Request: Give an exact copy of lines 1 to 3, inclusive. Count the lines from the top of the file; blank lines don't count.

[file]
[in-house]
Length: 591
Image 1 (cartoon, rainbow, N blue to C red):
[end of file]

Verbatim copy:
[in-house]
Length: 591
Image 1 (cartoon, rainbow, N blue to C red):